There’s only one party.Report

  4. Trumwill says:

    On the one hand, I don’t like changing the rules to fit a particular situation.

    On the other hand, the rule in this particular case is particularly bad. The metric that they are using to determine a “major party” and a “minor one” using only the governor’s race sets up situations like this one where a party could lose its status despite winning a large number of races.

    In this case, the GOP may have nobody to blame but themselves for nominating such a weak candidate, but there was a situation in Montana many years back where the Democratic candidate simply died too late to be replaced.

    If I were King of Colorado, I probably would redraft the rules to make it based on seats in the legislature. That way third parties could more easily build themselves up on that basis and it would avoid situations like this one. Generally speaking, I think that election law changes like this (and parliamentary laws, for that matter) should not take effect until two years out or the next general election (Massachusetts Democrats, I’m looking at you), though that could give the Republicans what they want (good placing for 2012), which makes this a tempting fix to suit the particular situation, which of course brings me back to the first objection.

    In any event, they do need to find a better way for whenever it takes effect, whether for 2012 or 2014 or whenever. On the other hand, there’s no question in my mind that fundraising rules ought to be applied equally to both “major” and “minor” parties. If anything, minor parties should be given a leg up.Report

    • Michael Cain in reply to Trumwill says:

      @Trumwill, “If I were King of Colorado, I probably would redraft the rules to make it based on seats in the legislature.”

      If Maes fails to win the necessary 10%, it’s a pretty safe bet that the definition for “major party” will be changed. This is Colorado, after all, the easiest state in the country for getting initiatives on the ballot. If the legislature fails to act in the next session, or is blocked by a governor’s veto, it’s an almost sure thing that the proposal will be put directly to the people at the first opportunity. And a fairly safe bet that it would pass.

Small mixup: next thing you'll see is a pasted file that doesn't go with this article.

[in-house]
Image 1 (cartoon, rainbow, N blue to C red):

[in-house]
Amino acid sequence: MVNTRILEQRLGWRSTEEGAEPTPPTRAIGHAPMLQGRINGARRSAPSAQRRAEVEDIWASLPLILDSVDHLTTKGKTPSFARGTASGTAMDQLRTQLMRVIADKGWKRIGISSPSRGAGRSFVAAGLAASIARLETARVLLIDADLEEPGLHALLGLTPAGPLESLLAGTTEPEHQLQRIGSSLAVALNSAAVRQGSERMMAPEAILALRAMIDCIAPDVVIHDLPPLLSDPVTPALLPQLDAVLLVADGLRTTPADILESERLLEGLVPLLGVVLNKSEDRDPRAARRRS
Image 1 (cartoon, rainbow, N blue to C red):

Myself, I would base it on number of registered voters. That way a new party could receive “major party” status, and the benefits that go with it, before they start winning elections.Report

  5. Jim says:

    The ballot gerrymandering is one aspect of this story, actual gerrymandering to protect parties and their safe seats is another.

    But the other big story is that Colorado is going Democrat. That’s huge. It was unthinkable five years ago. What gives? It can’t all be vengeful Hispanic voters (and non-voter voters, who have probably gone home in droves in this economy anyway).Report

    • Trumwill in reply to Jim says:

      @Jim, google “The Colorado Blueprint” to see how they took Colorado. However, the model appears to be insufficient to carry the day in 2010. Even so, turning Colorado into a swing state is quite an accomplishment.Report

  6. “Anyone who wonders where the two-party system comes from is either ignorant or just being disingenuous. It comes from election law, which is applied strictly to minor parties, and leniently to major ones. And even when it’s applied straight up, the clear intent is to entrench the two-party system forever and ever.”

    Would you say this is the exact thing that happens with the corps vis-a-vis miscellaneous subsidies, “safety regulations” and tax policy?Report

  7. Simon K says:

    “Anyone who wonders where the two-party system comes from is either ignorant or just being disingenuous. It comes from election law, which is applied strictly to minor parties, and leniently to major ones.”

    There are more fundamental reasons too. Almost every democracy has two big parties, one center left and one center right. Only the US is quite so brutally unfair to minor parties. The only exception I know of is Ireland, which still has two big parties, but they’re almost completely indistinguishable.Report